Highway Departments On Alert During Holidays
The Governors Highway Safety Association's member agencies are also stepping up their enforcement during the season. According to GHSA, more than 800 Americans die in crashes involving a drunk driver during the month of December.
State highway patrols and other law enforcement agencies nationwide are on alert during the 2014 holiday season, knowing this is most dangerous season on the roads.
The California Highway Patrol's Maximum Enforcement Period will start soon, when CHP is reminding travelers to buckle up, adhere to the posted speed limit, avoid distractions behind the wheel, and always designate a sober driver. This enhanced enforcement effort begins Dec. 24 at 6 p.m. and continues through Dec. 28 11:59 p.m. All available officers will be out on the roads for enhanced enforcement efforts and assisting motorists. "Our intent with the enhanced enforcement efforts during the holiday season is simply to save lives," said CHP Commissioner Joe Farrow. "We want everyone to have a happy holiday season this year and ensure nobody is forced to deal with the loss of a loved one."
An anti-DUI effort is aimed at eliminating drunk driving by educating Californians about the dangers of driving after consuming alcoholic beverages. According to NHTSA, more than 10,000 people die in crashes each year that involve drunk drivers. Five people died in traffic collisions during last year's MEP enforcement period, and CHP officers made 221 arrests for driving under the influence during it.
"Have a safe, fun, and enjoyable holiday celebration this year," Farrow said. "Just do it responsibly by making the right and responsible decision before you get behind the wheel, and always designate a sober driver."
The Governors Highway Safety Association's member agencies are also stepping up their enforcement during the season. According to GHSA, more than 800 Americans die in crashes involving a drunk driver during the month of December. "Unfortunately, far too many people still make the dangerous decision to get behind the wheel after too many drinks, especially during the holidays," said GHSA Executive Director Jonathan Adkins. "Impaired driving contributes to one-third of all highway fatalities, and GHSA and its members remain committed to reducing these preventable deaths."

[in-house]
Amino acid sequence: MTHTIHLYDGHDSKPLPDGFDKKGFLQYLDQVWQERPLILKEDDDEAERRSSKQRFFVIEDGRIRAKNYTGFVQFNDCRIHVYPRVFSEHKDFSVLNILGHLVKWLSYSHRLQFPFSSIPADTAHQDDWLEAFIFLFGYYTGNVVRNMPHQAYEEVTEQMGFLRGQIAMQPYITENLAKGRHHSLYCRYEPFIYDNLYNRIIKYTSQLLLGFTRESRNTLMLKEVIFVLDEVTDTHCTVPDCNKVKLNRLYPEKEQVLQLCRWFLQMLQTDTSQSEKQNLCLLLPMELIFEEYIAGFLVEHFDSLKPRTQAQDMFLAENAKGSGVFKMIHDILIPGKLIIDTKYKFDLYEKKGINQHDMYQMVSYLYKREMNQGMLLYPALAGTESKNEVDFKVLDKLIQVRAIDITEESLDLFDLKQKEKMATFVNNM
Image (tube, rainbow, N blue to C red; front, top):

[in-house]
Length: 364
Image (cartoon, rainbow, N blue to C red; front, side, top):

Drug impairment is a growing issue in many states, according to GHSA, which is launching a project to examine drug-impaired driving research and provide recommendations to help states address this problem. GHSA said highway safety officials in Colorado and Washington state, where recreational marijuana is currently legal, are developing policies and programs to keep drug-impaired drivers from endangering themselves and others, using the "Drive High, Get a DUI" message.
Other agencies' actions include:
- The California Office of Traffic Safety is starting its first designated driver mobile app, which features exclusive offers and discounts for sober designated drivers at bars and restaurants throughout the state. It also connects users to ride sharing services to help them find a safe ride home.
- The Delaware Office of Highway Safety works with corporate partners to host "Mocktail" parties – non-alcoholic cocktail parties that feature safety information, responsible party hosting tips, and samples of "smart" party foods.
- The Maryland Highway Safety Office is unveiling an ENDUI smartphone app; users can create a designated driver list, instantly locate the nearest taxi or public transportation options, estimate their BAC, and take tests to measure their reaction time and response functions.
- The South Carolina Department of Public Safety is starting its campaign with a tour of a county detention center to demonstrate how a DUI arrest is processed. The department also is continuing its Be a S.A.N.T.A. (Sober All Night Totally Awesome) Designated Driver campaign that encourages partiers to designate a driver for a safe trip home.
- The Utah Highway Safety Office is setting up a 22-foot holiday tribute tree at a major shopping center to be decorated with custom ornaments, each of which is honoring a DUI victim by name. The tree will be unveiled at a press conference where the victims’ stories will be shared.